Alternatively, a one-shot chemically blown foam layer may be applied by supplying such foam components to a mixing head such as is conventional in the art, for application to the facing layer 21. The application of such a chemically blown polyurethane foam layer to carpet facing is disclosed, for instance, in Tillotson U.S. Pat. No. 4,405,393, which is incorporated herein by reference.
After the polyurethane foam layer 18 has been applied to either the facing layer 21 or the backing layer 48, its thickness may be adjusted by means known to those skilled in the carpet coating art with a doctoring means such as a doctor blade 60 or air knife 62 and metering plate 63. The blade 60 or knife 62, which are advantageously of the types generally known in the art, is preferably adjustable in position to vary the thickness of the polymer layer 18. The doctor knife 60 may be wrapped or covered with a suitable releasable film such as polyethylene and/or rotated to remove any gelled or cured polymer or to reduce the formation thereof. An air knife 62 is advantageous because it does not become clogged or jammed with buildup in the presence of a fast-curing polymer-forming composition as a doctor blade 60 does; instead, a curtain of high pressure air emitted by the air knife 62 continually ensures that a polymer layer 18 of proper uniform thickness passes under air knife 62.
As shown in FIG. 1, a metering plate 63 may be used to support facing layer 21 as the doctor blade 60 or air knife 62 adjusts the thickness of the polymer layer 18. The metering plate 63, in a preferred embodiment, has hollow portions to allow the flow of air for cooling or heating purposes and is adjustable in height.
The coated and backed facing layer 21 is then passed through oven 70 to effect full or partial curing of the polymer-forming composition layer 18. The release backing layer 48 is preferably, but need not be, applied to the polyurethane foam layer 18 prior to curing. The release backing layer may be simply laid down onto the polymer-forming composition, or applied by means of a marriage roller, a doctor blade or by other means. If desired, the release backing layer 48 may be applied to the polymer layer 18 after it is partially cured, but prior to the gel point of the composition.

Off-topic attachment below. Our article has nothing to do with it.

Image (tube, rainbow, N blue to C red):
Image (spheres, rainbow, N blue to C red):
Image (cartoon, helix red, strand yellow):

Before or after the release backing layer 48 has been applied to the polymer layer 18, the floor covering may be regauged such as described in U.S. Pat. No. 4,278,482 to Poteet, et al., which is incorporated herein by reference. According to this process, the partially cured polyurethane foam layer 18 is regauged or pressed to a new precise and highly uniform thickness by means of a regauging roller.
After the floor covering has been cured, it may then be advanced through a selvage edge trimmer 98 and to an accumulator 102 or rollup area.
FIGS. 2-7 show embodiments of a floor covering 14 or 16 manufactured according to the present invention. FIG. 2 illustrates one embodiment of a floor covering 14 comprising a facing layer 21 with a primary backing 23. Precoat layer 25 is optional. A polyurethane foam layer 18 is bonded to the precoat layer 25 or primary backing 23, and the release backing layer 48 is bonded to the polyurethane foam layer 18. FIG. 3 shows such a carpet which has been regauged in accordance with a preferred embodiment.